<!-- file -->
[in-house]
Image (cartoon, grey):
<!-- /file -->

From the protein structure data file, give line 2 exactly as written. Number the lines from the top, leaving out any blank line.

Image (cartoon, grey):